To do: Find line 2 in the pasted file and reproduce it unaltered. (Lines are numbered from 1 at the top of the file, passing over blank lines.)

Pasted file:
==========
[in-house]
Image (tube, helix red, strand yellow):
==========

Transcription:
Image (tube, helix red, strand yellow):